Call Now – 0800 118 2892

Cannabis Addiction Symptoms

There are a few different ways regular cannabis use can affect somebody, so we will break this up into a few smaller sections, but first are the long term effects of cannabis dependency:

Behavioural Symptoms of Cannabis Addiction

Long term cannabis smokers who are dependent on the drug can experience some or all of the following marijuana addiction symptoms:

  • Loss of motivation or being completely satisfied when doing/achieving nothing. This often appears to simply be a decrease in stress or increase in life satisfaction when cannabis is first used, potentially being seen as a positive side effect, but over time it will develop further until the cannabis user appears to care about nothing.
  • Losing interest in previous hobbies, interests, jobs or even relationships. This can be related to the above symptom, simply due to prioritising cannabis, or a combination of the two.
  • Using cannabis even when it’s an obviously bad idea, such as before driving or using heavy machinery
  • Claiming to want to stop using cannabis but being unable to do so
  • Financial issues/spending majority of expendable income on cannabis
  • Lying, secrecy, or denying how regular their smoking habit is
  • Excessive snacking or dramatically increased appetite
  • Possessing smoking paraphernalia such as lighters, rolling papers, bongs, pipes etc
  • Continuing to smoke cannabis even after negative repercussions result
  • Declining interest, performance or attendance at school in the case of younger smokers
  • Lack of attention to basic routines such as washing the dishes or personal hygiene
  • Associating with other smokers/losing touch with previous friendship groups

While the above are common long term symptoms experienced by those addicted to cannabis, the following are more short term symptoms that can manifest immediately on smoking cannabis.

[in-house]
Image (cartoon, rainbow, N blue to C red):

This can be the case even if it is the first time and the person in question isn’t yet experiencing the above-listed cannabis dependence symptoms:

Symptoms of Being “High” or Under the Influence of Weed

  • Red/bloodshot eyes
  • Dry mouth/extreme thirst
  • Giggling/laughter/inability to take anything serious
  • Increased appetite or craving for snacks, known colloquially as “the munchies”
  • Fatigue, lethargy and a desire to sleep, regardless of the time
  • Loss of balance and coordination
  • Loss of concentration/inability to focus
  • Delayed responses to conversation/preferring to think internally than talk to others
  • Loss of ability to keep track of time

Health Impacts of Cannabis

The primary findings from a recent study from the official Advisory Council on the Misuse of Drugs (UK) were that while there are some health risks associated with inhaling smoke of any kind, even frequent use of cannabis cannot be rightfully associated with major health problems for individual users or society as a whole.

Unlike almost any other recreational drug, the risk acute toxicity of cannabis is extremely low; studies have found an unusually large factor of separation (more than 10,000:1) between pharmacologically effective and lethal doses. In other words, it is nearly physically impossible to consume enough cannabis to die as a result of overdose.

There have been some suggestions that there is a minor risk of bronchitis or lung cancer from smoking marijuana, but study by the United States’ National Toxicology Program found “absolutely no evidence” to support these claims.Extremely heavy and consistent use of cannabis will probably lead to dependence in some form, but its physically addictive potential is almost trivial compared to even tobacco and alcohol.

Call Now – 0800 118 2892

Cannabis Addiction Treatment

For those suffering from all of the above, it can be very difficult to admit you have a problem and find help.

If you do find the strength to contact professionals regarding cannabis addiction help, the most common treatments involve:

  • Detoxification – This stage involves not using cannabis for 5-7 days to rid your body of the substance. In some cases this will be accompanied by an alternative medication meant to replace cannabis, or medications to help control withdrawal symptoms. This can be done at home or as an inpatient at rehab facilities depending on the severity of your addiction
  • Rehabilitation – Once detoxification is complete and withdrawal has passed, Cognitive Behavioural Therapy (CBT), support groups, holistic treatments, medications, and even friendly informal talks on your hopes for the future and reasons for quitting are required to prevent relapse and keep you on the right path.
  • Aftercare/Support – Once you have successfully overcome your addiction and got your life back on track, regular contact with GPs, nurses or other experts is required to help prevent relapse and remind you how much you have achieved.